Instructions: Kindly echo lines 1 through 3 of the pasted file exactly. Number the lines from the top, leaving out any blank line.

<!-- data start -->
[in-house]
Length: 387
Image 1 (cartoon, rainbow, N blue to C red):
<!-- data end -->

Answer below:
[in-house]
Length: 387
Image 1 (cartoon, rainbow, N blue to C red):